Expressed in the Bible by two words, (Prov. xxvi. 21; Isa. xliv. 12, liv. 16) and (Ps. xviii. 9 [A. V. 8]; Prov. xxv. 22). Since means "to glow" or "to burn," probably means "the glowing," and , "black coal" (compare Prov. xxvi. 21), although this distinction does not always obtain (Isa. xliv. 12, liv. 16). Of course, charcoal is always meant, which was made of tamarisk and broom, the kind formed of the thick roots of the latter () giving an especially strong and lasting heat, and being still much sought in the East (Robinson, "Biblical Researches in Palestine," i. 203; Germ. ed., iii. 683). According to Jer. vi. 29, the flame was fanned by a bellows (), probably the ancient variety worked with the feet and hands; but in a picture found in Wilkinson's "Ancient Egyptians," iii. 339, the Egyptians are shown using for that purpose long reeds protected against the flame by long metal points.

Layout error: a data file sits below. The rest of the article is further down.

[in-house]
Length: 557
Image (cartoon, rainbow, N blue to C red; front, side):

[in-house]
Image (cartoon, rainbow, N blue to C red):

Though the coal-fire was used chiefly for cooking food, and for baking bread, meat, and fish (Isa. xliv. 19), it was also used for heating the homes. In the winter, live coals were placed in a brazier standing in the middle of the room (, Jer. xxxvi. 22; , Zech. xii. 6); in the houses of the poor they were placed in a hole in the floor. As there were no chimneys, the smoke found vent either through the door or through the grated window (), which was generally rather high in the wall (Hosea xiii. 3).
The word "coal" is often used in a metaphorical sense: II Sam. xiv. 7 speaks of the "quenching of the coal" of a man, meaning the complete annihilation of his issue; while in Prov. xxv. 22 kindness bestowed upon an enemy is called "heaping coals of fire upon his head," since it tends to waken his deadened conscience and help him to realize his wrong. Ecclus. (Sirach) viii. 10 compares the smoldering and easily roused passion of the godless man to the coal that is easily lighted and breaks forth into flame.